I don’t know about you all, but I often feel like I’m both okay and not okay, sometimes in a ping-ponging sort of way that’s a little crazy-making, and sometimes – even more confusedly – both at the same time.
On one hand, I recognize that I’m extremely lucky and privileged in so many ways; if I ever followed through on keeping a gratitude journal, it would be in tiny print and overflowing. I spend my spare time semi-compulsively making greeting cards and occasionally baring my soul on the internet, so I’m not going to pretend like I don’t have an almost-embarrassing amount of freedom and time on my hands. On the flip side, I’ve been through my share of fucked-up shit (i.e. trauma, as my therapist prefers to call it) that I feel like I’m perpetually crawling out from under, hauling my emotional baggage around day to day, place to place, like a pound of bad pennies. What all this adds up to is very confusing to me.
So, as when I try to solve most things in my life, I’ve made a list. This is a list of things I have to do before I’m allowed to give up on life and crawl back into bed: I run an errand. Then I listen to a podcast and clean the stove. Then I go sit at a coffee shop. Then I exercise. Then I call a friend. I turn to this on those days that are hard, when everything seems inexplicably wrong, when I’m completely paralyzed by all the things that I can’t fix – in my own life, in the lives of those I care about, in our society. Those are the times I find myself wanting to sleep, not because I’m tired, but because I don't want to have to engage with the world.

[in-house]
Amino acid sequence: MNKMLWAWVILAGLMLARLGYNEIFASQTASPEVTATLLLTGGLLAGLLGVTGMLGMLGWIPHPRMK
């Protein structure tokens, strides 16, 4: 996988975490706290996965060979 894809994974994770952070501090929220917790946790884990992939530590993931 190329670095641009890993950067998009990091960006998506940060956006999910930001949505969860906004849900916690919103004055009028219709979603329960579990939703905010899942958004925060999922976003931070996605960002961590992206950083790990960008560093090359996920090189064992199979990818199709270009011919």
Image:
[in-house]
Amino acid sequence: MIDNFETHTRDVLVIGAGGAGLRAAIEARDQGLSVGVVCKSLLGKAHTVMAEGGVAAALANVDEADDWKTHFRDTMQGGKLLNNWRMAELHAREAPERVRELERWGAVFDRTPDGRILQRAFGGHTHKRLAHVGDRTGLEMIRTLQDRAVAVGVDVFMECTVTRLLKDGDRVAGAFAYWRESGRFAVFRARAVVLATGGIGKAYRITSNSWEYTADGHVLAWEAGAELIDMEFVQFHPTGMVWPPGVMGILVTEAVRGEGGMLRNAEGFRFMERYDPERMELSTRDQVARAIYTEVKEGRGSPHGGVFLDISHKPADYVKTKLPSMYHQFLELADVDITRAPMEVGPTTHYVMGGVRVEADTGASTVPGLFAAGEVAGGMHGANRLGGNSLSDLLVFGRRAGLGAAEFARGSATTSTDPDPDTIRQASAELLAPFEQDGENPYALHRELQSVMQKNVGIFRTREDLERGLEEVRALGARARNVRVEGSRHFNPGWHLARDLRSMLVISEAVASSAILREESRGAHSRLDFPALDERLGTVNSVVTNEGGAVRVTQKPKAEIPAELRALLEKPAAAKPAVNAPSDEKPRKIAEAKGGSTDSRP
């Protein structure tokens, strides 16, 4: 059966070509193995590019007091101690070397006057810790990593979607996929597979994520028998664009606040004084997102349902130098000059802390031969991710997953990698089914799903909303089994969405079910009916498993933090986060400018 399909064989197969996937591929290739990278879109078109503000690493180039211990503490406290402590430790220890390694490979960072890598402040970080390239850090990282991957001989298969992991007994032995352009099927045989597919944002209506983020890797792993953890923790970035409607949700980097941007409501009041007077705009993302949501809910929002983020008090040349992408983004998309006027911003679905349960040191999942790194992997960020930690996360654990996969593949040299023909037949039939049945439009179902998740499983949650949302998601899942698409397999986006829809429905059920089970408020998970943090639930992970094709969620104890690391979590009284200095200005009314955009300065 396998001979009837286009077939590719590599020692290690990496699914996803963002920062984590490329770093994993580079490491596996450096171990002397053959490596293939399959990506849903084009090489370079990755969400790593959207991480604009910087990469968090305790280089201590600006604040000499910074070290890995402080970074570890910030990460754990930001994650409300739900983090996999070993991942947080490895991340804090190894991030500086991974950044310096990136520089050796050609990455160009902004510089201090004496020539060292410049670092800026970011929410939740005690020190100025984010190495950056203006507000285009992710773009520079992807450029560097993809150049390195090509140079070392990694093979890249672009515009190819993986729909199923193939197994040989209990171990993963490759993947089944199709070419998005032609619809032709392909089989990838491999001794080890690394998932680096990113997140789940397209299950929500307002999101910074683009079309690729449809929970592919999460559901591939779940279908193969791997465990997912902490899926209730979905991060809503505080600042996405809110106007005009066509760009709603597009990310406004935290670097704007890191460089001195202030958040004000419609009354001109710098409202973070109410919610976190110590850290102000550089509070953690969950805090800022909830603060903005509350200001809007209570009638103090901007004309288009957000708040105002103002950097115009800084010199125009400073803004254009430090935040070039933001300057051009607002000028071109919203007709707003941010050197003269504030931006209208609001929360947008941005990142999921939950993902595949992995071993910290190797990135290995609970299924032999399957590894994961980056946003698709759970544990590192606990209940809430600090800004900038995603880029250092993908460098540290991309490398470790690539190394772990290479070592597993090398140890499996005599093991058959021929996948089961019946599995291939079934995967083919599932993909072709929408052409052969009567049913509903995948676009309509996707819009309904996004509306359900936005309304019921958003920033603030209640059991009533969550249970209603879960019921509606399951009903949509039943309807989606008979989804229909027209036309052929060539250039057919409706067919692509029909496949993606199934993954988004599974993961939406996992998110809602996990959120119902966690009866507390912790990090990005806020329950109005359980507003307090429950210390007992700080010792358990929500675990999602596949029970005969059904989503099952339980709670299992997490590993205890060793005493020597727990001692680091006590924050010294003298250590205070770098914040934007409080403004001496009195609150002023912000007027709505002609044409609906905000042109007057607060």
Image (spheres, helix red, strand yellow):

This list is essentially a pact that I’ve made with myself. When I feel like I can't do anything, I pick some things from the list and do them anyways. I think of it more as a menu of options than a set of to-dos: I can go for a run or take a walk, read a book or watch a movie, go out for drinks or invite a friend over. It doesn’t matter much what I choose to do, as long as I do it. And, at the end of the day, I might find something interesting, distracting, or even fun during my self-imposed scavenger hunt for sanity. Or it might still end up just being a really bad day. But at least I'll have tried, and that’s what counts.
The “things to do when you’re in a depressive spiral before you crawl into bed (from one human to another.)” print is based on this mental list of ways to spend the day when I don’t feel like spending it. I made it because I needed it, and I hope that some of you find it useful too, whether you have the occasional bout of the blues, or are going through a particularly hard time, or struggle with chronic depression, or whatever it is you're dealing with. Please take what’s interesting and doable, leave what isn’t, and add your own. And then get out there. Because the world needs you to participate in it. It would be such a shame if you didn’t.
With love from one human to another,